USTR Releases Draft Section 301 Economic Impact Analysis Questionnaire | Husch Blackwell LLP


On November 1, 2022, the United States Trade Representative (“USTR”) released the Questionnaire it requests interested parties to submit to it for review regarding the economic impact of Section 301 tariffs. submitting responses to the questionnaire will open on November 15, 2022 and remain open until January 17, 2023. The questionnaire has several pages of questions and similar to the comments it solicited in 2018, the USTR includes specific sections that allow parties to comment and address concerns related to specific HTSUS codes.

Parties wishing to raise specific concerns related to HTSUS subheadings are required to further explain whether Section 301 duties on that individual HTSUS subheading have resulted in changes to the domestic manufacture of the product or goods. that the entity used as input. The questionnaire also asks commentators to discuss the effects “including in terms of capital investment, capacity and production levels, industry concentration and profits? Have additional duties on goods covered by this tariff code had an impact on American workers, particularly with regard to the level of employment and wages? »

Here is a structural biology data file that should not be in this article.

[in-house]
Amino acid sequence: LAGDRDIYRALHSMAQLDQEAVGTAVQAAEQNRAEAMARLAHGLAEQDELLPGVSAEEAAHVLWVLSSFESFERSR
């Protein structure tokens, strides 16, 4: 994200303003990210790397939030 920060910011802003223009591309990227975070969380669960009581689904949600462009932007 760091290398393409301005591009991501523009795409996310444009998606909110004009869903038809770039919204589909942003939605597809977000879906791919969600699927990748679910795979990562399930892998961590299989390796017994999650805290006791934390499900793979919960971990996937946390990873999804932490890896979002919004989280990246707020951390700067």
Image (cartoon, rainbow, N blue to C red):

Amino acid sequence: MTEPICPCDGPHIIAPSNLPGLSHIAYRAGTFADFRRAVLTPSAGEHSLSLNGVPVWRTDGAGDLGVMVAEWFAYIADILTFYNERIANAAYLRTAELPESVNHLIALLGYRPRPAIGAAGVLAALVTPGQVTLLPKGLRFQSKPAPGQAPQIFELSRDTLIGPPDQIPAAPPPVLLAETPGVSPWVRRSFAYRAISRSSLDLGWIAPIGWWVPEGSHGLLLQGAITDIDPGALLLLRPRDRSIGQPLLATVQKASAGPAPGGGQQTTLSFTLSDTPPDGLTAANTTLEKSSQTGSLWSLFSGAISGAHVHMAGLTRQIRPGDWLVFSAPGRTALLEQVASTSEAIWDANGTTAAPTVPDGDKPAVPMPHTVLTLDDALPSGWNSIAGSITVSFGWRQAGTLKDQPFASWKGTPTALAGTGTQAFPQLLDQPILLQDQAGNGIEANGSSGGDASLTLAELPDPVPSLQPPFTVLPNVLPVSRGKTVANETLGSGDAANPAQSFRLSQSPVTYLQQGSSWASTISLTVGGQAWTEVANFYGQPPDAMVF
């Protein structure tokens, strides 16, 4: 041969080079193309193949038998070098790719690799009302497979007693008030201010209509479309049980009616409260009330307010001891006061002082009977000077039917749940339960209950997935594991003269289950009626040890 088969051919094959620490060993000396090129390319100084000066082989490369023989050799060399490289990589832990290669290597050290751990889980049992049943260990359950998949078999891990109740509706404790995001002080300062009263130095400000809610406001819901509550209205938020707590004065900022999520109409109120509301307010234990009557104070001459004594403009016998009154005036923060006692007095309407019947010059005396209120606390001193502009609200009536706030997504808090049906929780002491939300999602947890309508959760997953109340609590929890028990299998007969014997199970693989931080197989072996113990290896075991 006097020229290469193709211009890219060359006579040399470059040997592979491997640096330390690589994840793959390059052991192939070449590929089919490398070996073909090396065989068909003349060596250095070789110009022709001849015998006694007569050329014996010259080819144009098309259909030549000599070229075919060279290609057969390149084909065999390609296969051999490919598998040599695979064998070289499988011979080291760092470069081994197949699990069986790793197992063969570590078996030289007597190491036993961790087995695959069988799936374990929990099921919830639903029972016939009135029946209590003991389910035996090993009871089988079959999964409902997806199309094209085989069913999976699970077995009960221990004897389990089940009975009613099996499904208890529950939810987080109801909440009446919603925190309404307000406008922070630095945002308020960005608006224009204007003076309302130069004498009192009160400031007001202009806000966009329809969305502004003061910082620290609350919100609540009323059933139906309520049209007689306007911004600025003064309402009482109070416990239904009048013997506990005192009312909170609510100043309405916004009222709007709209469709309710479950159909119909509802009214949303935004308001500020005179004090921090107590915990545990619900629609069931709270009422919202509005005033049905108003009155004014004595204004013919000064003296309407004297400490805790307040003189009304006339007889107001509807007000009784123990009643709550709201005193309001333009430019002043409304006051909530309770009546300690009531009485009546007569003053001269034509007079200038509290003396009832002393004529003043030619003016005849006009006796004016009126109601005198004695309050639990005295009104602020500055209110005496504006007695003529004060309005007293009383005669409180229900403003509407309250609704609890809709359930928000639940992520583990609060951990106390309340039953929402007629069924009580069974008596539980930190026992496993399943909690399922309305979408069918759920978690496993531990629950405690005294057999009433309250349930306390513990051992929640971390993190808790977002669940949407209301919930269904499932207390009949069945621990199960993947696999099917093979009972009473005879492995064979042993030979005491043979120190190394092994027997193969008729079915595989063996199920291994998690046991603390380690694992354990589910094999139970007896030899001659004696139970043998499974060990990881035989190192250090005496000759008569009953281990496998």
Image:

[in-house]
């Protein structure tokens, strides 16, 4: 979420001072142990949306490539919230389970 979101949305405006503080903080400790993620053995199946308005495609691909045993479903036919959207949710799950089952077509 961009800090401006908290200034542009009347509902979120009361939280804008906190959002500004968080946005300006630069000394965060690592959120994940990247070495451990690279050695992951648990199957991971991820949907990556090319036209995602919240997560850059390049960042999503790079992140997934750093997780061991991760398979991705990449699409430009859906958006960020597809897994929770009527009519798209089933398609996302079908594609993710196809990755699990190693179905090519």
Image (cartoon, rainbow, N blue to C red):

One of the most interesting questions is whether the tariffs on inputs are such that the downstream product or the finished product undergoes “tariff inversion”, i.e. the tariffs make the product cheaper. purchasing a Chinese finished product than manufacturing the finished product in China. the United States with the higher tariffs for this product, making the economy-wide impact of Section 301 tariffs potentially counterproductive. The USTR further requests information on the effectiveness of tariffs in altering or modifying Chinese behavior.

Husch Blackwell recommends that all clients, whether or not they have filed complaints challenging Section 301 obligations, review the questionnaire and discuss next steps with counsel so that they are able to prepare and submit in timely feedback that will ultimately impact whether or not Section 301 obligations will be continued. $500 billion worth of goods.


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